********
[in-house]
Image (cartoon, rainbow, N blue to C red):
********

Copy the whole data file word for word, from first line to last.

[in-house]
Image (cartoon, rainbow, N blue to C red):